Journal: pitting your illness mascot against mine hurts us all

I’d like to think you don’t have to be a child to appreciate the effectiveness of metaphors; everyone from poets to advertisers to corporate speakers uses them.

A certain now-famous blogger* was at a diner with a friend, who asked what it was like to suffer from her chronic health condition. She grabbed as many spoons as she could find– they were available and abundant– and birthed what became a widespread awareness campaign. “Spoon Theory” rapidly spread via t-shirts, magnets, key chains, jewelry, etc. Finally, invisible illness had a tangible symbol making public awareness a reality.

Then a virtual mob of fellow chronic illness sufferers crapped all over it. The reason for their annoyance is not without merit; many people relate better to different metaphor– batteries in this particular instance. I take issue with the ferocity of their criticism, especially those offended by the beneficial efforts of one outspoken individual.

First, notice that it’s called a theory rather than a universal law. Second, give the original spoonie a bit of credit for thinking of it in the first place. Third and fourth, consider when she invented it: both the moment it popped into her head (no advance planning) and the era in which she published it: 2003. (Forget twitter or Pinterest, let alone facebook; Myspace hadn’t even launched yet!)

The problem with any illness metaphor is not that it’s it’s adequate, which it is; ALL metaphors are inherently flawed because they’re a comparison between two things that are not identical. You may relate more to a lawn mower, a ball point pen, or a rutabaga. Regardless: at some point you have to concede it’s impossible for someone outside your experience to know EXACTLY what you’re going through.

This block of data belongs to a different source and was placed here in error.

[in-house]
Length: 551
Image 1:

Before we forget that we’re all in this together, please keep in mind how often those of us with chronic invisible illnesses are judged, mocked, questioned and ignored. It does not help our already contentious cause to divide into factions. We’re are all fighting for the same things: acknowledgment, respect, support and research.

*permission to publish/ link to the original blog post must be granted by the author

Leave a Reply

Fill in your details below or click an icon to log in:

WordPress.com Logo

You are commenting using your WordPress.com account. Log Out /  Change )

Google photo

You are commenting using your Google account. Log Out /  Change )

Twitter picture

You are commenting using your Twitter account. Log Out /  Change )

Facebook photo

You are commenting using your Facebook account. Log Out /  Change )

Connecting to %s

This site uses Akismet to reduce spam. Learn how your comment data is processed.